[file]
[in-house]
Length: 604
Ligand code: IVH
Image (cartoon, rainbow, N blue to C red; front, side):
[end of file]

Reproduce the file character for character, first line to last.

[in-house]
Length: 604
Ligand code: IVH
Image (cartoon, rainbow, N blue to C red; front, side):